7. Jun 4, 2008 #1267 of 2549
    James Long

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    If they were confident that motion 1 would be won why ask the court to help them with what would be motion two? Yes, there was a motion two. That's why they wanted the discovery ... so they could file motion two.
     
  8. Jun 4, 2008 #1268 of 2549
    James Long

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    That is for a court to decide. DISH obviously disagrees with you ... Tivo isn't even confident that they would win on that clear cut argument. :)
     
  9. Jun 4, 2008 #1269 of 2549
    James Long

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    Following that, a product that is ONLY COLORABLY DIFFERENT does not have to lead to a ruling of contempt ... it has to infringe as well as be only colorably different. :)
     
  10. Jun 4, 2008 #1270 of 2549
    TexasAg

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    I know. In addition to devices that are already adjudged infringing, contempt is appropriate for "other devices which are no more than colorably different therefrom and which clearly are infringements of the patent." Chances are very high, though, that an only colorably different product does infringe. Imagine trying to argue that an only colorably different product doesn't infringe, while the original product that is only colorably different does infringe. You could probably remove the 2nd IF statement and just say if it isn't more than colorably different then there is contempt.
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  11. Jun 4, 2008 #1271 of 2549
    James Long

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    That may be what DISH is banking on ...
    The current 501 isn't more than colorably different than the 501 ruled infringing.
    But the current 501 has new software and it itself is not infringing.
    The 501 could be a product "only colorably different" and non infringing.

    How can a court rule that offering a product is in contempt if the product doesn't infringe?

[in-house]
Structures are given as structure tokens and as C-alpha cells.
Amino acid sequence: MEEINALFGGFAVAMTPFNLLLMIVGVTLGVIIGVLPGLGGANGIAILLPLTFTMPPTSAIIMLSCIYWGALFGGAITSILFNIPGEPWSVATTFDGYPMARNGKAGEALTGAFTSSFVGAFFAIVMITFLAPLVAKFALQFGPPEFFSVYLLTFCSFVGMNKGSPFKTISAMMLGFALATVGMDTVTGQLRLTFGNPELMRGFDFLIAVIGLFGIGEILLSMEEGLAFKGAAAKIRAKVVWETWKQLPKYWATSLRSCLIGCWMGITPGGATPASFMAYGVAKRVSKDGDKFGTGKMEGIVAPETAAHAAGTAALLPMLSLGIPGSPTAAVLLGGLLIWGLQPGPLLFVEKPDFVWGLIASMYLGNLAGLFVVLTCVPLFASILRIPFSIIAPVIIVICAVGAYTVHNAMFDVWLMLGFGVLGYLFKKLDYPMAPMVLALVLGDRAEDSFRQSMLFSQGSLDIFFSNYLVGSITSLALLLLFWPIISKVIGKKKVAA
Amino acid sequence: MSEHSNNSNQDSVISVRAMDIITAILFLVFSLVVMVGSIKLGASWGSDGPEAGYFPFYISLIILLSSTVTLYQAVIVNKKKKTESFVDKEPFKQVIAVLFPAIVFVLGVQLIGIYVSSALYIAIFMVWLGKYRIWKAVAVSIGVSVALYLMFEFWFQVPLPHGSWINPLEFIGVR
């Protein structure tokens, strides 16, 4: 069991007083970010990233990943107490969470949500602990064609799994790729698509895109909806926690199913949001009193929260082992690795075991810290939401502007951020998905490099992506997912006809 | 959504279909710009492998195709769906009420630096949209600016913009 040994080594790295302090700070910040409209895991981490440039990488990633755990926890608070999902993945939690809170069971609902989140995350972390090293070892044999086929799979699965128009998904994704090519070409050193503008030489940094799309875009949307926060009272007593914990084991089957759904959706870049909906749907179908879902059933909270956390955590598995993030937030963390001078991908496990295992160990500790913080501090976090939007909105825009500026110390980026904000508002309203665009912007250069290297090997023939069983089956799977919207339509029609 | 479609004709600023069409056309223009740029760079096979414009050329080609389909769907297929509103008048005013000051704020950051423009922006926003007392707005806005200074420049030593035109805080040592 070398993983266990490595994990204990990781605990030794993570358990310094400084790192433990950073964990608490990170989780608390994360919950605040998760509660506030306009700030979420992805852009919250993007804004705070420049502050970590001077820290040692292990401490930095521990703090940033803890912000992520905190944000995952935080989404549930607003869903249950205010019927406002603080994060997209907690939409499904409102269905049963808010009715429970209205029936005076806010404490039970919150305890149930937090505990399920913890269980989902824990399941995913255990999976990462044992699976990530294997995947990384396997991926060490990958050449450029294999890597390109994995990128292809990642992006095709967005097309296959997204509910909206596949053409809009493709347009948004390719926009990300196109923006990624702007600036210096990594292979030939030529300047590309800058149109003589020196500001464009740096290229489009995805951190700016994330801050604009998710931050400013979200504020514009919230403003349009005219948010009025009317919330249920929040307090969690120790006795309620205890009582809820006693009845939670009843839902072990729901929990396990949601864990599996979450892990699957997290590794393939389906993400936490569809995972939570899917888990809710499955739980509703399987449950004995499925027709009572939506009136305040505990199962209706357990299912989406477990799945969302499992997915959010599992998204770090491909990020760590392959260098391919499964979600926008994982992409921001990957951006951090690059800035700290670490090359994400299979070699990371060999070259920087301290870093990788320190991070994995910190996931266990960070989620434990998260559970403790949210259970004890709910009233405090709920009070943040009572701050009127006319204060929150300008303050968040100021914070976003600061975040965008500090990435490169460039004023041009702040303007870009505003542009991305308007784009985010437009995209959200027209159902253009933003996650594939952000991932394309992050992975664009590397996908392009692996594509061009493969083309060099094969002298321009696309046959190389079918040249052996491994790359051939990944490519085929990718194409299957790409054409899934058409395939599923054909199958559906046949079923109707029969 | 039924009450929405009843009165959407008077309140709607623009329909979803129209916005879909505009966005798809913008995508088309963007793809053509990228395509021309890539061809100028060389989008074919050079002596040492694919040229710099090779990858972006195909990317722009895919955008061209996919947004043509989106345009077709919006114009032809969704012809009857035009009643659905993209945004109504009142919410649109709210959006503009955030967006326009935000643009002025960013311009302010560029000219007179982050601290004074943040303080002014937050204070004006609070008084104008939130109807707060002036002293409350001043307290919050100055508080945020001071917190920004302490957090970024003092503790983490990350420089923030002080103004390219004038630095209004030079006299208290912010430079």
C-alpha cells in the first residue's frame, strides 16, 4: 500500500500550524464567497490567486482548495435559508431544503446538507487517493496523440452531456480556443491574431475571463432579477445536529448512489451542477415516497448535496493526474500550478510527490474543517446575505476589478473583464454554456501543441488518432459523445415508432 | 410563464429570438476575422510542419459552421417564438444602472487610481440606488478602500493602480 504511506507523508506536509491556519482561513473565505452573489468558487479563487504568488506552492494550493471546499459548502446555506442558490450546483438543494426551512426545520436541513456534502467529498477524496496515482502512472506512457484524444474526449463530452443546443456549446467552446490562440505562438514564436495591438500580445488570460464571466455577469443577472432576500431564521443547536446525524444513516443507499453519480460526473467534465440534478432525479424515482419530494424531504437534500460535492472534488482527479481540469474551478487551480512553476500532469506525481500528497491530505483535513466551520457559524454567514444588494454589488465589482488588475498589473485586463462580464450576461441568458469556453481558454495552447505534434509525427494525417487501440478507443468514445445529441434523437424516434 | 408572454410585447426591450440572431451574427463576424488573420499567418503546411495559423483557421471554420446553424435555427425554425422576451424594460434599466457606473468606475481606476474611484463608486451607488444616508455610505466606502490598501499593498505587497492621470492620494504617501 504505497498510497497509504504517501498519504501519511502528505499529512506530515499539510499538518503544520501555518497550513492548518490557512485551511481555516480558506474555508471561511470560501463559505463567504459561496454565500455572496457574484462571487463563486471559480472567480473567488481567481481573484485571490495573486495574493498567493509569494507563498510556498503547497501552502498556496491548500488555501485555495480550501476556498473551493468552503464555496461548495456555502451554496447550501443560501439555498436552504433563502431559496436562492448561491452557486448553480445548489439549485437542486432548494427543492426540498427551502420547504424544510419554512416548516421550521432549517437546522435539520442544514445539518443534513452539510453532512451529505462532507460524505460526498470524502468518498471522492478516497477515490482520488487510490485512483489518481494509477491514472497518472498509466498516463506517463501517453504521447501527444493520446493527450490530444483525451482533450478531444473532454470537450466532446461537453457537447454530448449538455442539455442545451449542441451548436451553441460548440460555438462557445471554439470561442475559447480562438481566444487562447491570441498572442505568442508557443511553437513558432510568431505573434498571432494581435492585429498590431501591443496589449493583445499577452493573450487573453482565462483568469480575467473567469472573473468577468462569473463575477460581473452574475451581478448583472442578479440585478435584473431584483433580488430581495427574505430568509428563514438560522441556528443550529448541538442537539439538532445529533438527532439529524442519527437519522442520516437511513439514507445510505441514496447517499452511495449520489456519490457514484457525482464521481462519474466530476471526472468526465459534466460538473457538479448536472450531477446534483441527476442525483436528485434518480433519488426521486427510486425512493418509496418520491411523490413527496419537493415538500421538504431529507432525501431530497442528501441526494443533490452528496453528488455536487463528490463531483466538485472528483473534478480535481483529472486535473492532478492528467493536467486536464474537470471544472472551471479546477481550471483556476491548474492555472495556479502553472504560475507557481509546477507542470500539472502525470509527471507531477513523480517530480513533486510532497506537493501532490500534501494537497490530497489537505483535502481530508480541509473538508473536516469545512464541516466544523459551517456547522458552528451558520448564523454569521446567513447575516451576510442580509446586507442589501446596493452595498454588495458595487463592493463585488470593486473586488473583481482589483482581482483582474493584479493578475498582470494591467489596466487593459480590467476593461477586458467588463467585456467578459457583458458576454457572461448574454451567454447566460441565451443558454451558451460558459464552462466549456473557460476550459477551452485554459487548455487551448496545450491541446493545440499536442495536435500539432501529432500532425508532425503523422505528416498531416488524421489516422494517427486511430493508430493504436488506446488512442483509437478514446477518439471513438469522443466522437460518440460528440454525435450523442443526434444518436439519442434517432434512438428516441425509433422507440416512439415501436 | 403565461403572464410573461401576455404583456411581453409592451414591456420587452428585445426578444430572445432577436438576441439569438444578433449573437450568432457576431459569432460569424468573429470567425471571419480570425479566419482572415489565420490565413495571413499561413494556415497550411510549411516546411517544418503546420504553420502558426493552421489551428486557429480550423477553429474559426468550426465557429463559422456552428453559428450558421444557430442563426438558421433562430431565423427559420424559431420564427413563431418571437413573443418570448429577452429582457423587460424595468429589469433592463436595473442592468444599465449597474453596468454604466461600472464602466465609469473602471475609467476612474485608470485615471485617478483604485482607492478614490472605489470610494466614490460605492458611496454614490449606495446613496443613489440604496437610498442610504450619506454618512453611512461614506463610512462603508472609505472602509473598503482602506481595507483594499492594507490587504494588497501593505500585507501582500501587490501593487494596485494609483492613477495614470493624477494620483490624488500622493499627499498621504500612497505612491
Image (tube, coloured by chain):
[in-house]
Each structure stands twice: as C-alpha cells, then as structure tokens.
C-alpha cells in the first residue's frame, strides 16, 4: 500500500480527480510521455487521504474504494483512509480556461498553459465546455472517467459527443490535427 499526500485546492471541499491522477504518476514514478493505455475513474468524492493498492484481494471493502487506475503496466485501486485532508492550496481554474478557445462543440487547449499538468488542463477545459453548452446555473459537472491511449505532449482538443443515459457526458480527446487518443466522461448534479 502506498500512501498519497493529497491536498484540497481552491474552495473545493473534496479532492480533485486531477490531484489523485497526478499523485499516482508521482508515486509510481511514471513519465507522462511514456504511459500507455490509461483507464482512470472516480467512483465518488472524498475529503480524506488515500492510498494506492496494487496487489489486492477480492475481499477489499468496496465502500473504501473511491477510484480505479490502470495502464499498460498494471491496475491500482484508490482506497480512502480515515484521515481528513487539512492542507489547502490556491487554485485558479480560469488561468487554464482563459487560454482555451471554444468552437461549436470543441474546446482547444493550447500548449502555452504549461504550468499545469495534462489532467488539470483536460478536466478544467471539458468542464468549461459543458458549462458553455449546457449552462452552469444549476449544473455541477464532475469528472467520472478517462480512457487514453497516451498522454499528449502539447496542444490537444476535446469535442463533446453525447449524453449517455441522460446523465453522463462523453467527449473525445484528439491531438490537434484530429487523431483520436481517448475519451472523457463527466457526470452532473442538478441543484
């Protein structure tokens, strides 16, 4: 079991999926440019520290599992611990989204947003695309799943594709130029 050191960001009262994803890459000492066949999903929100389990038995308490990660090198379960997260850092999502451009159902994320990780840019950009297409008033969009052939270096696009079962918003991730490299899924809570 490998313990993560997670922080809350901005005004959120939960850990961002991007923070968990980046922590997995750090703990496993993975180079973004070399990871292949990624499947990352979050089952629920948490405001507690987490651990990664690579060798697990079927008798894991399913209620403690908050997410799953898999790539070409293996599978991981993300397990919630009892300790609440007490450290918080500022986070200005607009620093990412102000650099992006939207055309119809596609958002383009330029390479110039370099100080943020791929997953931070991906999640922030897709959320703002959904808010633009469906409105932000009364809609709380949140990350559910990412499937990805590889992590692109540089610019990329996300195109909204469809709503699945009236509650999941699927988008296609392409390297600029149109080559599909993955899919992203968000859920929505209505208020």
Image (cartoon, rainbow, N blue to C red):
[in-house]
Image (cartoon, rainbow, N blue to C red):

12. Jun 4, 2008 #1272 of 2549
    TexasAg

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    I would argue that the current 501 is more than colorably different due to the new software (and Echo only infringed Tivo's software claims up to this point).
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  13. Jun 4, 2008 #1273 of 2549
    jacmyoung

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    If the judge goes beyond the “face of the injunction” against Tivo's wish, then he will have to look at the colorable difference issue between the old DVR501 and the modified DVR501, and of course the only difference will be the software, and of course he will have to determined if the new software is more than, or only, colorably different, compared to the old software. He cannot even discuss the new software infringement issue in the contempt hearing.

    A modified device more than colorably different can still infringe, but that does not matter, DISH will not be in contempt. A modified device only colorably different will cause DISH be in contempt, and at that point there is no need to even consider if the modified device still infringes or not, the question will be moot. They will not be able to use the modified device period, even if by some unlikely force it later can somehow be proven non-infringing.

    To find the new software more than colorably different, compared to he old software, will be very easy. I have done software coding, almost no two codes are mere colorably different, they almost always are more than, even if they do the exact same things.